A corn disease foliar survey has been conducted in North Dakota since 2014. The information obtained from this survey has provided valuable information documenting corn diseases in North Dakota. This is extremely important to growers when it comes to hybrid selection and the appropriate use of fungicides. Results from the survey have determined that two diseases commonly occur in the state; common corn rust and Goss’ wilt. The incidence of these diseases have varied from year to year, however common corn rust continues to be the most prevalent disease. Common corn rust rarely needs to be managed as most northern hybrids have adequate resistance. However, several hybrids are susceptible to Goss’ wilt and significant yield losses can occur.

Goss’ wilt is the most important corn disease in North Dakota. Since it is caused by bacterium, fungicides and other chemical products are not an effective means of control. The best management tool is using less susceptible hybrids, crop rotation and tillage (when appropriate). To help value the importance of hybrid selection with Goss’ wilt, yield loss trials were conducted from 2015-2017. Research plots were inoculated at growth stage V8-V12 (8 to 12 leaves present) and/or VT (tasseling). Summarized data from the six trials demonstrated that mean yield losses of 41% occurred on a susceptible hybrid when inoculated at both V8-V12 and VT (Figure 1). Another way to look at this data is if a producer assumes a susceptible hybrid has 180 bu/A yield potential, an early season infection by the Goss’ wilt pathogen may reduce yields to 106 bu/A in infected areas (Figure 1).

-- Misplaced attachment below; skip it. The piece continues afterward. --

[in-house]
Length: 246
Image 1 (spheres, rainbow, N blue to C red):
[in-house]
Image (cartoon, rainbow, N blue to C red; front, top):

Understanding the causal agent of a disease is important for future management of Goss’ wilt. It has been well documented that several plant pathogens have changed over time in numerous cropping systems. In order to understand Goss’ wilt risk in ND, more information is needed on the biology of the pathogen. Fifty Goss’ wilt pathogen isolates were collected from 2013-2017 and were used to assess aggressiveness (how quickly the pathogen spreads on leaf tissue). Lesion length was measured for several days to determine if certain isolates produce disease symptoms faster than others. Genotypic analyses using DNA from the isolates will help detect any potential genes that influence aggressiveness. The information will aid future breeding efforts as well as document any changes in the pathogen.

The research listed above has covered several areas of corn disease research. The corn foliar disease survey has identified important foliar diseases of corn and has guided research efforts on Goss’ wilt. The yield loss studies exemplify the importance of hybrid resistance when managing Goss’ wilt. The aggressiveness study and genotypic analyses will help understand the biology of the pathogen and provide a foundation of knowledge for the Goss’ wilt pathogen in ND. The information generated from this research has been used in Extension talks, presented at scientific conferences, and has influenced decision making for corn growers in North Dakota.